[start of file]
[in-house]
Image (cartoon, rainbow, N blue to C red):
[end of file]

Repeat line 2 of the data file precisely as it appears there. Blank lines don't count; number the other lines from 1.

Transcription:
Image (cartoon, rainbow, N blue to C red):